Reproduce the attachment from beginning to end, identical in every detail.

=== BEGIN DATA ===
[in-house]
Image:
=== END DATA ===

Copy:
[in-house]
Image: